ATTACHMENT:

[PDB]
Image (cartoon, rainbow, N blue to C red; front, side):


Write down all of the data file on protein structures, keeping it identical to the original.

[PDB]
Image (cartoon, rainbow, N blue to C red; front, side):